Rapidly approaching the one-year anniversary of its release, the AKG K181 DJ UE is an updated version of the original K181 released back in 2004. It’s a relatively cheap headphone ($119), but still sports some nifty DJ-minded features – a bass boost function and the ability to switch between stereo and mono sound.
AKG K181 DJ UE Review
When it comes to the nuts and bolts, this headphone doesn’t really have any. Sure, there are some screws, but that’s about the extent of the metal used in the structure of this headphone. That being said, the predominantly-plastic construction goes a long way in making these headphones lighter and more comfortable during longer listening sessions – or extended DJ activities.
The headband and earcups use a thick pleather padding, with an interchangeable coiled cable connecting to the left earcup via a mini-XLR plug.
|Max. Input Power||3500 mW|
|Audio frequency bandwidth||5 to 30000 Hz|
|Sensitivity headphones||112 dB SPL/V|
|Rated Impedance||42 Ohms|
|Cable Length||coiled 5 m|
As we can see from these specs, the K181 offers a wider-than-average frequency range, relatively low impedance, and pretty decent volume.
In the low end, the sound is detailed, leaning toward “deep.” There’s very little bleeding in the low end – something we weren’t expecting from a headphone this inexpensive. The bass is there but not too accentuated – until you turn the bass boost function on. Then, bass delivers with impact, while the low end may also suffer from moderate bleeding.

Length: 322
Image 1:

The midrage of the K181 is good. A little recessed, but still good. The level of accuracy seems heightened with male vocals – or maybe there is a little compression at play that detracts more from the instrumentation.
There’s a high end on K181. That’s about as nice as I can be about it. The sound in general in the high end of the frequency range suffers from roll-off. High-high notes never seem to get as piercing or “peak-y” as they should. That being said, most female vocals don’t suffer too badly.
The K181 has no soundstage. The sound, instead, is very “in-your-head,” but sensation isn’t accompanied by the usual canned feeling. So while the sound remains pretty fantastic, there’s less depth and placement to the music that with other models.
The K181 DJ UE is relatively inexpensive and clearly aimed at those DJ’s on a budget who crave the kind of sound AKG is known for. Despite their intention has a professional headphone, serious listeners (especially unrepentant bassheads) will rejoice in a detailed low end that includes the option of thumping bass. The fact that the mids remain largely intact despite that heavily-developed low-end is only icing on the cake – these headphones are bound to give you the bass you want while keeping the detail you need.
If you’re after a bright sound – if you like classical music or high-pitched female vocals – you probably won’t enjoy this headphone…at all. If, however, you’re looking for bass and detail, or just low-end and mid-range detail, these may be the cans for you. I’m sure they sound good with Rock and EDM, but I can’t stop bumping Lil Kim long enough to find out.